Talking to kids about traumatic world events
July 23, 2014
From Hurricane Sandy, shootings at Sandy Hook Elementary School, Boston Marathon bombing, the Oso mudslide and most recently the shooting at Seattle Pacific University, so often now we are given immediate access and awareness to traumatic and sudden events happening around the world and right in our own communities. As parents we play an essential role in helping our children cope with stress and the emotions that come with a traumatic event. Sometimes we think it would be better for them not to know about these things or that talking about will make it worse, but it’s important to respect their reactions and provide a place for them to talk about it. Why is it important to talk with my child?
Talking to your child is an important first step in helping them understand and process any life event and especially a large scale traumatic event. Your child may have already heard about the event through school, social media, friends or other sources. Taking the initiative to talk with them allows you the opportunity to clarify the facts, answer questions and provides them a chance to share their own feelings. What should I tell my child?
Knowing where to begin can be overwhelming. When thinking about what to share with your child or teen, consider what you think would be most helpful for them to know. Often older children and teens need more specific concrete information, like location, what exactly occurred and what is currently happening. Most children will wonder, “why did this happen?” You may need to reassure your child of his or her own safety. A common concern is, “could this happen to me?” or “am I and my family safe?” Going over the safety measures that your family, their school and the community have can go a long way in helping with their fears. Remember you do not have to have all the answers or facts and can remind your child that more information will be learned over time.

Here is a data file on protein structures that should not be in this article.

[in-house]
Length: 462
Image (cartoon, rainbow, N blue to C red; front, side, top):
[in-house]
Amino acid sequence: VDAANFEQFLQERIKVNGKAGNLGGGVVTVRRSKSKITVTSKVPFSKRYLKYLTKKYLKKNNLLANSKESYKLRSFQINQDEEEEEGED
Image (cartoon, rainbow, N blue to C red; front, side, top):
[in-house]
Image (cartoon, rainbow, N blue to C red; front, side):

You can continue to be a role model for your child in how to respond to events like these. You can be open about your feelings. For example, “I feel sad when I hear about people being hurt because of _______.” This helps encourage your child to share their feelings too. Offer suggestions as to how you take care of yourself and help them to do the same. Play is an essential part of childhood and children do most of their emotional processing through play. Having conversations with young children as they are engaged in calm play, like coloring, can help. As your child processes the event, they may ask questions or talk of the event weeks even months later. Also, consider limiting the amount of news and TV coverage to the event, as continued exposure does not allow for a break time for processing.
For more information on children’s reaction to trauma and traumatic events and how you can help can be found at the National Child Traumatic Stress Network (www.nctsn.org).